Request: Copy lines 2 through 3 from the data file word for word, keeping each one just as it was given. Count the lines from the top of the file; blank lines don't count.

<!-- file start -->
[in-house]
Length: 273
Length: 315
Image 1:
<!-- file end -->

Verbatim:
Length: 273
Length: 315